A recent study of sexually active young women in Africa found that initiation of HIV preexposure prophylaxis (PrEP) was high at 95% and one-fifth showed high adherence at 6 months.
Initiation of preexposure prophylaxis was high among young women at risk for HIV in Africa, but adherence declined over time and with longer time between visits, a recent study found.
The study, published in a research letter in PLOS Medicine, included data on 451 sexually active women ages 16 to 25 in South Africa and Zimbabwe between October 2016 and October 2018. Those enrolled in the program were HIV negative and had multiple risks for HIV such as uncertainty about their partners’ HIV status and other sexual partners, low rates of condom use, and a high prevalence of bacterial sexually transmitted infections.
“Uptake of HIV preexposure prophylaxis (PrEP) was high among a cohort of young South African and Zimbabwean women at risk for HIV, which is encouraging in terms of interest in this novel biomedical HIV prevention method,” Connie Celum, MD, MPH, a professor of global health, medicine and epidemiology and director of the International Clinical Research Center at the University of Washington, told Contagion. “PrEP adherence was moderately high initially but declined with time and as visits were spaced out to quarterly.”
Participants were randomized into two groups: one offering standard adherence support—including counseling, 2-way SMS, and adherence clubs—and an enhanced adherence support group, which included drug level feedback. Those in the enhanced adherence support arm received feedback based on intracellular tenofovir-diphosphate (TFV-DP) levels in dried blood spots (DBS) to try to encourage adherence to treatment.
Celum said the study yielded some surprising results.
“First, STI prevalence was very high (over 1/3 of women having a treatable STI primarily chlamydia and gonorrhea), indicating that more attention needs to be paid to STIs in this population,” she said. “Second, HIV incidence was low (1%) in this population where we would have predicted a several-fold higher HIV incidence; this may indicate that young women benefitted from the package of services that they received. Third, retrospective drug level feedback did not increase adherence compared to a standard package of adherence interventions (two-way SMS, counseling and peer support/adherence clubs) without drug level feedback. Additional research is needed on use of real-time point of care PrEP adherence assays.”
Of the 451 study participants, 39% had curable STIs, 95% started PrEP and 55% had uninterrupted PrEP refills through 12 months. Detectable tenofovir-diphosphate levels were present in 84% at month 3, 57% at month 6, and 31% at month 12. High adherence (TFV-DP ≥700 fmol/punch) was found in 21% of the enhanced arm and 22% of the standard arm at 6 months.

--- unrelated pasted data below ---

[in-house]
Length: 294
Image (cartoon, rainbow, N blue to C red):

Four women (1%) acquired HIV during the study.
“These data indicate that young African women are motivated to use PrEP but adherence and persistence with daily pill-taking are challenging,” Celum said. “We need to do more to simplify PrEP programs and give women options for long-acting PrEP methods, including the dapivirine vaginal ring and injectable cabotegravir which have shown efficacy.”
The study authors said reasons drug level feedback weren’t associated with increased adherence could have included lag times between when the sample was taken and when counseling was provided. Women also may have doubted reported drug levels or been discouraged from using PrEP if they perceived they were failing the treatment if their levels weren’t what they thought they should be. Also, other measures, such as 2-way SMS and peer support adherence clubs also may have improved adherence enough that benefits of drug level feedback weren’t noticeable.
“It is important to identify what proportion of young African women can adhere to PrEP with simple support such as two-way SMS or WhatsApp support groups, who needs more intensive adherence support, and what adherence support works better for those who need more support,” Celum said. “In addition, it is important to evaluate PrEP delivery and choice of PrEP options as they become available. Lastly, additional long-acting methods could be important for women who want HIV prevention but are not able to take a daily pill. Two novel PrEP agents—a monthly PrEP pill, islatravir, and an every six month SQ injection of an HIV capsid inhibitor, lenacapravir—are currently in efficacy trials.”
Studies have showed that PrEP is effective in maintaining low HIV infection rates, and efforts are ongoing to boost adherence to the treatment.
A recent 3-year study in men who have sex with men in Australia found that HIV infection rates remained low among men, with 1.09 infections per 1,000 people in the first year, 2.10 infections per 1,000 people in the second year and 2.18 infections per 1,000 people in the third year.
Another recent study showed greater adherence associated with event-driven PrEP regimens than daily regimens of the treatment.